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Over the years, we have gained a high level of competency in key areas of the disaster risk management practice and in the management of complex emergencies.

In 1998, EMI was established as an international scientific organization with the endorsement of ICSU (International Council of Science) and UNESCO. It was charged with a simple and focused mission: To advance knowledge, policy, and practice of urban disaster risk reduction, focusing on megacities and fast-growing metropolises. In December 2003, EMI was incorporated as a not-for-profit organization in the Philippines. It undertakes projects globally. Its main focus remains Urban Resilience. Its main offices are in Quezon City, Philippines.

With over two decades of experience we have pioneered the development of effective scientific approaches and analytical tools for Climate and Disaster Risk Management (CDRM). We have worked in some of the most complex cities in the world, to understand risks and define major investments in CDRM that have improved livelihoods, protected lives, upgraded infrastructure, and enhanced the capacity of communities and institutions in managing risks while living in a more productive and safer environment. Our science-based participatory solutions have yielded a legacy of progress and achievements in CDRM and resilience globally.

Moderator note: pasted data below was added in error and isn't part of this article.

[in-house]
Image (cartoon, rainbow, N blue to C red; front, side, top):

Our Competencies

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Our Approach

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Board of Trustees

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Our Competencies

Urban Resilience ​Master Planning

ICT-GIS for Risk ​Management

Legal and ​Institutional ​Arrangements for ​Disaster Risk ​Management

Hazard, ​Vulnerability, ​Capacity, and Risk ​Assessment


Integrated ​Emergency ​Management ​System

Risk Sensitive Land ​Use and Urban ​Development ​Planning

Monitoring and ​Evaluation of DRM ​in Urban ​Governance and ​Development

Sectoral Urban ​Resilience

Risk Investment ​Programming

Information, ​Education, and ​Communication ​Campaigns

Training and ​Capacity Building ​for Urban Resilience

Our Approach

Mainstreaming DRR in urban governance and development

Disaster risk reduction and management can only be effective when related strategies, programs, projects, and activities are integrated in various local government functions, responsibilities, and practices. This is referred to as mainstreaming.

In a changing environment caused by climate, natural, and man-made hazards, EMI works with complex cities in mainstreaming DRR in their core functions and processes by engaging city leaders, its citizens including civil society and peoples organizations, academe, private sector, and other key stakeholders in a participatory process that builds ownership, sustainability, and efficient inter-institutional coordination.

Our mainstreaming approach:

  • engages all stakeholders
  • uses sound and convincing science
  • merges science and practice
  • is grounded on reality
  • tested and proven

Developing tools to support local DRM practice

We develop tools to facilitate delivery, sharing, and adaptation of scientific and technical knowledge on urban DRR. We undertake capacity needs assessment studies, resource analyses, and shelter and needs analyses to create baseline knowledge cities and institutions can build on. We conduct training programs to enhance the competency of DRM practitioners worldwide and enhance policy making.

Connecting cities through knowledge sharing mechanisms